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Microsoft Ignite: The Tour Visits Washington, DC



This week Microsoft took its tour of the Ignite conference to Washington, DC.  The initial Ignite conference was held in Las Vegas, Nevada, but the tour brings much of the content to a broader audience. 

You can access recordings of the sessions online. Because there were over 100 sessions and workshops in two days, it was impossible to attend all of them.  Here are the learning paths from the event:



For me, the most important overall message was the blurring of lines between Microsoft cloud products and the continual expansion and opening of the Microsoft platform. Cloud computing has allowed Microsoft and other vendors to introduce new products and product versions more quickly.  For Dynamics 365, Microsoft introduces continuous small fixes and significant versions every six months.  This is much faster than the product cycle ten years ago which offered major versions every two or three years.

The pace of innovation creates challenges for customers to keep up, so events like this are essential to educate customers.  Microsoft sometimes also renames products and moves features from one product to another which causes further confusion. 

Presentations were geared toward government scenarios, with particular emphasis on new Microsoft Azure and Dynamics offerings in the Microsoft government cloud. For instance, Microsoft is promoting their Teams collaboration product for government customers, and Power Apps to allow power users and non-developer developers (called citizen developers) to create solutions through configuration rather than coding.  Azure now offers higher security versions for government customers than ever before.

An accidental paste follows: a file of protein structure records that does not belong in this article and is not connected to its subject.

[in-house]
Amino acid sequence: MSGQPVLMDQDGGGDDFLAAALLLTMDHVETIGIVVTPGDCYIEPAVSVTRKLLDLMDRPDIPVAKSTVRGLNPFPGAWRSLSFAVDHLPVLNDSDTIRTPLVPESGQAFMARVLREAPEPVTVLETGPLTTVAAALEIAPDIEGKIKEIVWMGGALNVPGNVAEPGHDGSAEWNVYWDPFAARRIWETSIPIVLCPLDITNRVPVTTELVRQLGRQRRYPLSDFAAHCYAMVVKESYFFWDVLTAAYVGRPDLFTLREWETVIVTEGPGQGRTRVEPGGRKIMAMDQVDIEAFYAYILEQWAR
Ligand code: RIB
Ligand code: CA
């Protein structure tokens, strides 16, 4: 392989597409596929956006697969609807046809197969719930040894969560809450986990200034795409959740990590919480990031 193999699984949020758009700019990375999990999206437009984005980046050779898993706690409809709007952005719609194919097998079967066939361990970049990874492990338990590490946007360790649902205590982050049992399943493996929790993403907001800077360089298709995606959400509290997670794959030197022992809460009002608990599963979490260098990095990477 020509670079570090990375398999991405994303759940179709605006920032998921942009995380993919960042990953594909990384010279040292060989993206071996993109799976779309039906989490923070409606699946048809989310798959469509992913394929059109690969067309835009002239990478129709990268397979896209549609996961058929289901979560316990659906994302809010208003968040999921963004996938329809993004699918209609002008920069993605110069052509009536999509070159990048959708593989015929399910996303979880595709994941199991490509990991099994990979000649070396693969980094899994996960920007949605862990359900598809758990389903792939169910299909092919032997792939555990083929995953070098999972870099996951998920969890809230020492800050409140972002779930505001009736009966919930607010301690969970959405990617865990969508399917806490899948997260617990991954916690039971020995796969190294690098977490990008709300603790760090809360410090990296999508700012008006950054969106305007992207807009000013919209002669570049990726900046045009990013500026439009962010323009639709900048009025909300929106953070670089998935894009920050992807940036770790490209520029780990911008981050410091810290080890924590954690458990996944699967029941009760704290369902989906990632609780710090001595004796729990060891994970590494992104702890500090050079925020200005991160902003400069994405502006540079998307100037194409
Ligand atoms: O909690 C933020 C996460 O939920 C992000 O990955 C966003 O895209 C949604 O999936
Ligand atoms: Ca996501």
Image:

Workplace diversity was a key theme for Microsoft's booth and some presentations.

Large government integrators such as IBM and General Dynamics were well represented as exhibitors at Ignite, along with third party software vendors that are important in the Microsoft business ecosystem.

I enjoyed seeing Dave McDonald, director of the Microsoft Technology Center in Reston, VA at the show.  He brought along one of the coolest Microsoft showcase items, a Ford truck tricked out not only with a winch but tons of tech.



The event drew many local Microsoft MVPs who were presenters as well as sharing their knowledge in the Microsoft booth.


The road tour of Ignite shows Microsoft's commitment to share knowledge with its customers and partners all over the world.  Check and see if it is coming to a location near you.

For those who cannot attend in person, sessions are available online to view on demand.  If your focus is government, you may want to review some sessions here that are not likely to be repeated in other cities.

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